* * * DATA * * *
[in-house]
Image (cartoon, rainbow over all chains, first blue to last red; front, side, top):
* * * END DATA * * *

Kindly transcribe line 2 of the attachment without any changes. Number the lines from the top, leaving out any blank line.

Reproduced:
Image (cartoon, rainbow over all chains, first blue to last red; front, side, top):